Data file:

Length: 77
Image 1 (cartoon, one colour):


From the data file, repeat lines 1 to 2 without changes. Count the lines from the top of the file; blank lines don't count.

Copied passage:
Length: 77
Image 1 (cartoon, one colour):